The perception of Nasdaq components being innovators is core to their brands, products, cultures, and financial performance. Hence they attract the world’s most influential and innovative companies such as Tesla, Netflix, Oracle, Dell, and Cisco. Since Nasdaq is home to such a collection of thriving, cutting-edge companies, investors look to Nasdaq to gauge how tech stocks are doing.
How does Nasdaq work?
As we mention above, Nasdaq has no actual trading floor and conducts all its business through an elaborate system of companies electronically connected to one another.
When market participants do not buy and sell to one another directly and all transactions go through a dealer, this is known as a dealers’ market. In this case, Nasdaq is a market maker.
Unlike the specialist structure of NYSE, a designated market maker represents a particular stock, Nasdaq market makers compete with each other to buy and sell specific stock they choose to represent, and they hold a number of the stocks themselves. This competition guarantees buyers and sellers are getting the best prices. More than 500 market-making firms provide liquidity for Nasdaq-listed stocks.
When a broker wishes to buy shares, the market makers will give two-sided quotations, buy and sell, meaning they state the bid and ask prices for a security in which they are making a market.
How many companies are in the Nasdaq?
Nasdaq Composite Index tracks all the Nasdaq exchange companies, a list with roughly 3,467 companies. Nasdaq trades shares in a variety of companies, from financial, industrial to consumer companies.
However, because of its history of being an innovative market maker, it has attracted a high percentage of high-tech exchange, trading many new, high growth, and volatile stocks throughout its existence. Over 50% of the companies in the index are technology companies.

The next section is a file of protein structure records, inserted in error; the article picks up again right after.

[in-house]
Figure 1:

Ten most extensive stocks in Nasdaq Composite as of April 15, 2020: Microsoft, Apple, Amazon, Alphabet Class C, Alphabet Class A, Facebook, Intel, Netflix, PepsiCo, Cisco Systems.
Juno Markets is currently offering most of them in their shares CFDs.
Nasdaq Trading Hours
Like the NYSE, Nasdaq is open for stock trading from Monday to Friday from 9:30 a.m. and 4:00 p.m. Eastern Standard Time. There are nine market holidays in a year when they are closed. Check out (https://www.nasdaq.com/stock-market-trading-hours-for-nasdaq) for the list of market holidays.
However, the Nasdaq marketplace offers traders to buy or sell stocks listed on it in pre-market and after-hours trading sessions, also known as Extended Markets. Pre-market trading hours are from 4 a.m. to 9:30 a.m. EST, while after-hours are from 4 p.m. to 8 p.m. EST.
Trading in the Extended Markets comes with a risk. The volatility tends to be much higher. There is less liquidity; fewer people are trading; hence prices will tend to move much more dramatically.